Stumbling through things from the end of the Major government and start of the Blair government, in the brief period between the end of the big road expansion era and the start of the too afraid of being accused of waging war on motorists to say or do anything era. Assuming these Road Traffic Reduction Acts were quietly abandoned at the same time as the New Deal for Transport?This is just an excuse to post extracts from the always marvellous papers of Ian Roberts.
Reducing road traffic
Would improve quality of life as well as preventing injury
Director, Child Health Monitoring Unit, Institute of Child Health, London
BMJ. 1998 January 24; 316(7127): 242???243.
The Road Traffic Reduction (UK Targets) Bill has its second reading next week. If it is enacted the Secre??tary of State will be required to implement policies to reduce road traffic by 5% by 2005, and by 10% by 2010. The bill is supported by a host of health, welfare, and environmental groups, including the BMA, Barnardos, the Child Accident Prevention Trust, the Children's Play Council, the Faculty of Public Health Medicine, Friends of the Earth, and the Royal College of Paediat??rics and Child Health. Their concern is not only to reduce death and injury but also to counter the other adverse effects of motorisation.
The equation of transport policy with road traffic policy has left children, elderly people, and those with?? out a car socially excluded in our ???top gear??? towns. Children are prevented from playing in the street and travelling independently; adults without cars are excluded from out of town supermarkets and inconvenienced by edge of town hospitals poorly served by public transport.4 Yet both are included in injury statistics and suffer more than their share of noise and pollution. For many children being struck by a car is their first experience of car travel, and the risk of injury for children in families without a car is twice that of children in car owning families. This, and the familiar scenario of the elderly pedestrian waiting anxiously at the kerb, surely deserves the attention of any Downing Street social exclusion unit.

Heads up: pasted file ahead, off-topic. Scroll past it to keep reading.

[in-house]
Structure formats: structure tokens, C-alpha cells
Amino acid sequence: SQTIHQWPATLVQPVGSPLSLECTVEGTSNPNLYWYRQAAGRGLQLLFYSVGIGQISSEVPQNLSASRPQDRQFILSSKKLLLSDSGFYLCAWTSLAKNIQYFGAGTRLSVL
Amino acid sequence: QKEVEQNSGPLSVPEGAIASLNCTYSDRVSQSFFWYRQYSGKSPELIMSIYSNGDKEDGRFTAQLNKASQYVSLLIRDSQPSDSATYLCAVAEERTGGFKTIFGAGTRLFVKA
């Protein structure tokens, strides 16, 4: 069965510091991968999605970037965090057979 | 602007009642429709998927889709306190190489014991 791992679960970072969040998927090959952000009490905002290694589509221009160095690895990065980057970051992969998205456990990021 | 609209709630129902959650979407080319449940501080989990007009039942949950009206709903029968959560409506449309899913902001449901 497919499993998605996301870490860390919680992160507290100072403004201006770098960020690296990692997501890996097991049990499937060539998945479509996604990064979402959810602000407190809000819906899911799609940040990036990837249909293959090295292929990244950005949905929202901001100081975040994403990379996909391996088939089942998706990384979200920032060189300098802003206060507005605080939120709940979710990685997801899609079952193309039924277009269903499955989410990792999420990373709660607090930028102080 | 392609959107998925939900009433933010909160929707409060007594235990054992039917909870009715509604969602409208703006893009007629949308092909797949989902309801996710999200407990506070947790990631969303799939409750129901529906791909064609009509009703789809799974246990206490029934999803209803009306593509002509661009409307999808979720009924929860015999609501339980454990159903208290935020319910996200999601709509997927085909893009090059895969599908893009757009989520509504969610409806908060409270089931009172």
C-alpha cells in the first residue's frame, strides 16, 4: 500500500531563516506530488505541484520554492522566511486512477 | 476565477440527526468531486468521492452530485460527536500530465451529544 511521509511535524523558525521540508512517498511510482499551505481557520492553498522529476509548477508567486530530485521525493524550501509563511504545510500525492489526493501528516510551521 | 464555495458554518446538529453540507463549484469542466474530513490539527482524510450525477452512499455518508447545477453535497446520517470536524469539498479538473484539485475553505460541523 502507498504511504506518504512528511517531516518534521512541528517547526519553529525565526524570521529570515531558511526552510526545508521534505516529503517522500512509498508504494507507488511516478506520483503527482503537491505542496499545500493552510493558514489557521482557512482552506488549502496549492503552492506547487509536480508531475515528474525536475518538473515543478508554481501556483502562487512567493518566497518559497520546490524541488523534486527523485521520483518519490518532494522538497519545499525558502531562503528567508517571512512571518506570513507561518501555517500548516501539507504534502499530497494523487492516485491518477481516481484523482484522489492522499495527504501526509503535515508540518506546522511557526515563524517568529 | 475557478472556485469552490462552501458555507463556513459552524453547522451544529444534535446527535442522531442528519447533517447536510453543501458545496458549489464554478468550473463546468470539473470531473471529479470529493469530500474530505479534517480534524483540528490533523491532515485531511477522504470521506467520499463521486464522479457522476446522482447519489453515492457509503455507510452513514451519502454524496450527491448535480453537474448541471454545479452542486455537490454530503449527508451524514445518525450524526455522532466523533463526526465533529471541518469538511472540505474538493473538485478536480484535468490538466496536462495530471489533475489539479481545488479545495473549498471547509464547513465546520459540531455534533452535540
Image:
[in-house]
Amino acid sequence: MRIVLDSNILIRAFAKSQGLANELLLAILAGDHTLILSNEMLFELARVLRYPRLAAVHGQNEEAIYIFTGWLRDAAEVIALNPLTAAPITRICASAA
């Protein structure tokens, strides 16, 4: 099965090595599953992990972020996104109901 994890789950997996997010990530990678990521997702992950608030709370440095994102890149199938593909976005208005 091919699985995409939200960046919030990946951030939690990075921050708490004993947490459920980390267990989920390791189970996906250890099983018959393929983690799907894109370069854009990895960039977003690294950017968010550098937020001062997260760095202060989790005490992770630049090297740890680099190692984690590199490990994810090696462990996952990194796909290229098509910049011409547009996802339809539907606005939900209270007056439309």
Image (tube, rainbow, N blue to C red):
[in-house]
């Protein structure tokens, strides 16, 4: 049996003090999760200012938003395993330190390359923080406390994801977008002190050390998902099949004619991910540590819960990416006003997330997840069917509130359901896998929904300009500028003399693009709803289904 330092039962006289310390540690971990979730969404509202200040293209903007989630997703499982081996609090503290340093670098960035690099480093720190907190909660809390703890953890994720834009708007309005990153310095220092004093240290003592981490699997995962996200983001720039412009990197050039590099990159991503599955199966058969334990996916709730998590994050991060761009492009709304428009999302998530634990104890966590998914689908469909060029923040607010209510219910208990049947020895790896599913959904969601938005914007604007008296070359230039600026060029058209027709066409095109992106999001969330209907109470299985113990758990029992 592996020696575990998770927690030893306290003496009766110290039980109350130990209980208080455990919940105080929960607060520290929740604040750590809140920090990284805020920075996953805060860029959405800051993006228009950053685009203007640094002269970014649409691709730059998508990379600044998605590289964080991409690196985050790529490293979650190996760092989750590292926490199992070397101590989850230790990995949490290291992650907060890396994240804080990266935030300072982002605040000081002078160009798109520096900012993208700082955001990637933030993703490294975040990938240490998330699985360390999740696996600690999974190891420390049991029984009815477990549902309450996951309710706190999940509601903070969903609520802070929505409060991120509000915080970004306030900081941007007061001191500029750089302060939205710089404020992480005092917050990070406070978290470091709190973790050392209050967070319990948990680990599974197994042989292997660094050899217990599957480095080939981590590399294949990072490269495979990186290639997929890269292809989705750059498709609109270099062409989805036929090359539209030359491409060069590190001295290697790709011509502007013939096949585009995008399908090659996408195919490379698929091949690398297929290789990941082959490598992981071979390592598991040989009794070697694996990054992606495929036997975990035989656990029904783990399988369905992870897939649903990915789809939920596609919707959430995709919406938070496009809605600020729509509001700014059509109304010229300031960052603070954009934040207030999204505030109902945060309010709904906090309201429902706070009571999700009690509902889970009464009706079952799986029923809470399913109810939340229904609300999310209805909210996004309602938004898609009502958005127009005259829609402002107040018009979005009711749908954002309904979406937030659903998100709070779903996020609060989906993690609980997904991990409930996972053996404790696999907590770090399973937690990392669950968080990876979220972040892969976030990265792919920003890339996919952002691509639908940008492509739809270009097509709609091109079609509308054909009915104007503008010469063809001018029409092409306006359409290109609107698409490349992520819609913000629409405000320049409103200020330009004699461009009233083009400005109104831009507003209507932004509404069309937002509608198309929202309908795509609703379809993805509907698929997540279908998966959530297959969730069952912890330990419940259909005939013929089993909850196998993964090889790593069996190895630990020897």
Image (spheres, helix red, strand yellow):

Preventing disease and injury may not be the most persuasive reason to reduce car use: improving quality of life should be the stimulus for change. Urban living
would be more enjoyable without the drone of traffic, the smell of exhaust, and the danger. Bumping into someone in the street could be a welcome opportunity for interaction, not the precipitant of road rage. Less traffic might regenerate the supportive social networks of community interaction and revitalise our inner cities. And congestion is bad for business. The Confed??eration of British Industry estimates that road conges??tion costs Britain ??20 billion a year.
As a private member's bill the Road Traffic Reduc??tion Bill will need government support to succeed. The Department of the Environment, Transport, and the Regions has already made clear its intention to get people out of their cars, and the bill provides it with an opportunity to match its concern with commitment. Nevertheless, the bill does have political enemies in the shape of a well organised road lobby, representing those who sell cars, roads, and petrol, and even with government support may face parliamentary obstruc??tionism. Those MPs who are tempted to filibuster should think instead about the quality of life of their own and their constituents' children.